In many places in the northeast and midwest, maple syrup season signals the start of spring, and there's no replacement for real, natural maple syrup. After you have it, those high fructose laden "pancake syrups" that you see in the grocery store will never do.
Step 1: Find Your Trees
Start off by finding a tree. There are several types of maples, and although the sugar maple is the best because it has the highest sugar content, any maple tree will work. A maple tree should have leaves and seeds that look like this. There are also many websites that can help you identify a maple by the bark. (Thanks to www.massmaple.org for the pic). The tree needs to be a minimum of 12" in diameter, and if your tree is more than 20" in diameter it can take two taps.
Many other trees other than maples can be used. Pecan trees make a fabulous syrup, but I've heard of people using sweet gum, birch, box elder, among others. Each species will have it's own unique flavor.
Step 2: Add the Spiles
Get your spile (the tap that goes into the tree). These are only a couple of bucks apiece and can be found all over the internet. You will want to drill a hole, typically 5/16" (the spile will tell you what size to drill) a couple of inches deep into the trunk. Try to drill about chest height, and drill slightly upward to help the sap drip downward. Then, using a small hammer or mallet, drive the spile into hole you drilled. A one gallon bucket works well for me, but you can use any size you like. Just remember, the larger the bucket the less frequently you'll need to empty it, but the heavier it will be.
Some large scale producers use hoses and vacuum lines to pull the sap from the tree and to a storage tank, but if you're only tapping a few trees in your backyard, that isn't necessary.
Step 3: Collect Sap
The sap will be clear, and will taste like water with a very slight sweetness to it. Sap flows the best when it gets into the 40s during the day but below freezing at night. I've been known to get 3 gallons from a tree on a good day, and less than a quart the next. It all depends on the weather.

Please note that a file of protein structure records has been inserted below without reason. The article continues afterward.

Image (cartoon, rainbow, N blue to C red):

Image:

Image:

You'll want to store the sap until you have several gallons to work with. I recommend checking the buckets a minimum of once a day, and dumping it into a large food grade container and storing it in a fridge or freezer. It will take a LOT of sap to make a little bit of syrup.
Step 4: Boil It Down
It takes about 40 gallons of syrup to make a gallon of syrup. This varies depending on the sugar content of the sap, but this is a good rough estimate.
Professionals have a "sugar shack" with a huge, flat vessel for the sap. They build a fire under the vessel to boil it down. I only have 2 trees tapped, so I am not going to that extreme. I use a propane fired turkey fryer. I get about 10 gallons of sap and start boiling. Be aware, if you do this on the stove, this creates a LOT of steam, and you can make every surface in your house sticky. I've even heard of people boiling huge pots inside and water logging the drywall on the ceiling. If you don't have a pot big enough, remember you can continue to dump in more sap as it boils down. Once it starts to thicken, you can bring in the maple concentrate and finish on the stove if you like.
As it boils, the sugar concentrates and begins to caramelize making that dark brown color. As the water boils off, the boiling point of the liquid increases. When the liquid reaches 7 degrees above the boiling point of water in your area (219 degrees F at sea level) it's done. Me, I just boil it until it's thick and tastes good.
Step 5: Finishing/storing
Once it's syrup, you can pour it into bottles and keep it in the fridge.
For long term storage, you can pour it into sterilized mason jars and put into a boiling bath canner. Contact your local extension office for times in your area.